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Dan C gave a tremendously good response to this question, but I thought I'd add one more idea: with the preponderance of online classes, it is very much possible to follow a set of lectures online as you teach a class for the first time (especially for introductory classes), and many times you can find full semester classes for free on YouTube, or Khan Academy, or MIT OpenCourseWare. I've done this for an Astronomy class that I taught, and I not only learned a lot from watching the class, but I was able to set up my own classes with a good idea of class-long topics. Furthermore, I've said it at least once on Academia.SE before: observing other teachers teach is one of the best professional development methods around; you learn the good and the bad, and you see what works and what doesn't work.

The reality is that sometimes, staying one step ahead of the students is the best you can do, even if it isn't ideal from a pedagogical perspective. As DR famously said, You "go to war with the army you have, not the army you might want.".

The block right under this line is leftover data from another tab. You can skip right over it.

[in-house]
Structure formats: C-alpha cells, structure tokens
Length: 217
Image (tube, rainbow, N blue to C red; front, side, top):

• I'm not sure, but wouldn't this be considered plagiarism? How much would you be allowed to "copy" or take away from one of these courses when constructing your own? – iric Apr 14 '16 at 20:32
  • @ciri You would still be teaching your own course, but you would be modifying the material from the lectures. You are free to teach a course however you'd like, and if it is like another teacher's classes, so be it. – Chris Gregg Apr 15 '16 at 21:11
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I know this answer might be controversial, but I think it is important to mention it. The solution is to not teach the class.

  • Teaching is a huge responsibility: you are responsible for the enthusiasm (and possibly the career) of a lot of students. If you do not feel ready you are not ready.
  • Good teaching takes a lot of preparation. You indicate that you are concerned about the time it will take you. My conclusion: you do not have the time to prepare properly. This is a good reason not to teach the class.